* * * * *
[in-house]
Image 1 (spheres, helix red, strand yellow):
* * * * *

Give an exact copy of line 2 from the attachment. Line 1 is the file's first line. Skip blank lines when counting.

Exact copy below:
Image 1 (spheres, helix red, strand yellow):